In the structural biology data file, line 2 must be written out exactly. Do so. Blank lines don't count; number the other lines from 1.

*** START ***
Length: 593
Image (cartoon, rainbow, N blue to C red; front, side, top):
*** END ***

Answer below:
Image (cartoon, rainbow, N blue to C red; front, side, top):